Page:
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Saturday marks the one-year anniversary of Elizabethtown Mayor Tim Walker’s shocking death, but the absence has not blunted his impact on the city he loved. His legacy as a humble leader has only grown during the past 12 months.
For his family, friends and colleagues, Walker’s mark on the community where he spent his 54 years is not defined or strengthened by his death. Rather, the life he lived and the love he gave simply could be appreciated more once he was no longer here to share it.
“He’s still making headlines,” said Pritchard Community Center Manager Pat Cardin, alluding to memorials christened in Walker’s honor and the number of ongoing projects Walker’s hands touched.
Cardin attended school with Walker’s older sister, Pat, and remembered him riding his bicycle to watch Cardin’s band practice.
Cardin and his wife became close with Walker and his widow, Teresa, taking care of one another’s dogs while on vacations.
Cardin described Walker as a “workaholic” who shouldered the stresses of being mayor and the long hours it can demand with his usual reserved patience — never complaining or seeing a need to slow down, even when others suggested it.
“He only had one gear,” Cardin said.
Cardin remembers sending Walker an email around 10 the night before his death, when the mayor succumbed to a massive heart attack brought on by a heart disease he was unaware existed.
Walker always would respond to a call or email, but it sometimes came the following day because of his heavy schedule. That particular night, Tim responded in less than two hours, sending a late-night response to Cardin’s report on activities at the center.
The next morning, Cardin received a phone call informing him Walker died. He took the news as a poor attempt at a jest.
“That’s not even a funny joke,” Cardin responded. The caller burst into tears.
A feeling of emptiness crept over Cardin, the same sense that still embodies the space of Teresa Walker, who was married to Tim for nearly 20 years and partnered with him to join two families.
There’s not a piece of brick or fiber in the city that does not remind Teresa of her husband. The debilitating sadness kept her at home for months after his death, guarded and lost.
Teresa said the hardest part of losing Tim was watching the agonizing effects it had on their children and grandchildren, yet being unable to comfort them.
“If it wasn’t for my grandchildren, I’d probably move out of Elizabethtown,” Teresa said Thursday. “But I know that would be a big regret” because the pain will lessen in time when the weight of the memories are not so heavy.
“It will be something we cherish forever,” she said of their time with Walker.
Brandon Jones, Tim’s stepson, called him father and said the past year has been awful for his family.
He is content in the knowledge that Walker died doing what he loved and lived life as he wanted. He wouldn’t have wanted it any other way, Jones contended.
“I feel like I got closure a lot quicker knowing the kind of man he was and knowing people had so much respect for him,” Jones said.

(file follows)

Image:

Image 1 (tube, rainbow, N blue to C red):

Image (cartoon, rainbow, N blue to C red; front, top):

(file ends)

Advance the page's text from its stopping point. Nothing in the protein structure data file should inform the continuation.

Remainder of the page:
The tragedy of losing a father has only brought the family closer, he said.
Edna Berger was appointed to fill Walker’s unexpired term by Elizabethtown City Council and is considering a run for the office in November.
She quickly learned the grueling pace of the job and admits she never could replace Walker, nor would she try. The long hours she has turned in showed her how much his family had to share him.
“We really took advantage of his goodness,” Berger said. “He gave his all to this city. His family literally gave him up to this city.”
Councilman Tony Bishop said he thinks about Walker often and sees his handiwork around the city.
A stop sign at Dolphin Drive and Mary T. Meagher Drive, for example, is one he pushed for.
“That’s the Tim stop sign,” Bishop said. “It’s just little things” that remind me of him.
Mayor J.J. Duvall took office in Radcliff at the same time Walker did in Elizabethtown. Together with Vine Grove Mayor Blake Proffitt, they ushered in a wave of younger mayors.
“It felt like we needed to stick together and work together,” Duvall said of the trio.
He naturally drifted toward Walker because he understood better than anyone locally the pressures he was under to perform in a city’s best interests.
Walker advised Duvall to stand by his beliefs and make decisions he would not later regret — an approach Duvall said he has tried to model.
“It was not just a job to him,” Duvall said.
Walker is remembered as much for his Christian faith and commitment to First Christian Church. Ministers Stuart Jones and Doug Mitchell said Walker relentlessly invited people to attend church and made others feel welcome.
On Sundays, Jones said, he was not eager to rush out the door and avoid the clamor of fellow churchgoers who may want to bend his ear about an issue in town. In contrast, the men said Walker was willing to listen and eager to help.
“He was always Tim,” Mitchell said. “Nothing really rattled him or shook him.”
Walker also owned and operated Plaza Lube and manager Chris Tharpe said it is hard to escape his presence. Choking up, Tharpe said he still stumbles upon Walker’s signature on documents around the office and occasionally receives a call regarding Tim. Quickly, the memories start developing in his mind.
“He wasn’t a boss per se,” Tharpe said. “He was more like a father figure.”
Marty Finley can be reached at 270-505-1762 or email@example.com.